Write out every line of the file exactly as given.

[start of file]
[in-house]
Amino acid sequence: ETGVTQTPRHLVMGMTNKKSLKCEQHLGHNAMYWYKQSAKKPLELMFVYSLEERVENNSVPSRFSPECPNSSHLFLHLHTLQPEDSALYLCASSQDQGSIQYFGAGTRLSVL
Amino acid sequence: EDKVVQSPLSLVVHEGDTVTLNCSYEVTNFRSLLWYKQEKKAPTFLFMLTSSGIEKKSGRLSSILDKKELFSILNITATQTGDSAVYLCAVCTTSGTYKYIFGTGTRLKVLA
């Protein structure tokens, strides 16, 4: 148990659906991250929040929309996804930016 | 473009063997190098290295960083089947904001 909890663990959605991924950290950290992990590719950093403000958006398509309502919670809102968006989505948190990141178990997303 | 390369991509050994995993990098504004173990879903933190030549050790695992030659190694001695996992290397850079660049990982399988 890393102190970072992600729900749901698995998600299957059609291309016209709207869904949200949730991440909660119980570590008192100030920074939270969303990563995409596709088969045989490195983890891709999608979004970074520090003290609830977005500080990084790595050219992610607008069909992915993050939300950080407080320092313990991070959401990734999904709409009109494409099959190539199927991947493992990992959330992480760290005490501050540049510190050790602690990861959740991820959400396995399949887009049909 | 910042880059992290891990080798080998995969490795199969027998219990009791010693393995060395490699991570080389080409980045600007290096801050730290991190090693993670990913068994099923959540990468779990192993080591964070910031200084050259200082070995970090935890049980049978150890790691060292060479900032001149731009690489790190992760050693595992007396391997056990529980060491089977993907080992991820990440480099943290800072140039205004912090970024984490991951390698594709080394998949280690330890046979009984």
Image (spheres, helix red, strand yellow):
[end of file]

[in-house]
Amino acid sequence: ETGVTQTPRHLVMGMTNKKSLKCEQHLGHNAMYWYKQSAKKPLELMFVYSLEERVENNSVPSRFSPECPNSSHLFLHLHTLQPEDSALYLCASSQDQGSIQYFGAGTRLSVL
Amino acid sequence: EDKVVQSPLSLVVHEGDTVTLNCSYEVTNFRSLLWYKQEKKAPTFLFMLTSSGIEKKSGRLSSILDKKELFSILNITATQTGDSAVYLCAVCTTSGTYKYIFGTGTRLKVLA
């Protein structure tokens, strides 16, 4: 148990659906991250929040929309996804930016 | 473009063997190098290295960083089947904001 909890663990959605991924950290950290992990590719950093403000958006398509309502919670809102968006989505948190990141178990997303 | 390369991509050994995993990098504004173990879903933190030549050790695992030659190694001695996992290397850079660049990982399988 890393102190970072992600729900749901698995998600299957059609291309016209709207869904949200949730991440909660119980570590008192100030920074939270969303990563995409596709088969045989490195983890891709999608979004970074520090003290609830977005500080990084790595050219992610607008069909992915993050939300950080407080320092313990991070959401990734999904709409009109494409099959190539199927991947493992990992959330992480760290005490501050540049510190050790602690990861959740991820959400396995399949887009049909 | 910042880059992290891990080798080998995969490795199969027998219990009791010693393995060395490699991570080389080409980045600007290096801050730290991190090693993670990913068994099923959540990468779990192993080591964070910031200084050259200082070995970090935890049980049978150890790691060292060479900032001149731009690489790190992760050693595992007396391997056990529980060491089977993907080992991820990440480099943290800072140039205004912090970024984490991951390698594709080394998949280690330890046979009984």
Image (spheres, helix red, strand yellow):